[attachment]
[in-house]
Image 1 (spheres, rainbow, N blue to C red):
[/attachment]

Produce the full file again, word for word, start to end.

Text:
[in-house]
Image 1 (spheres, rainbow, N blue to C red):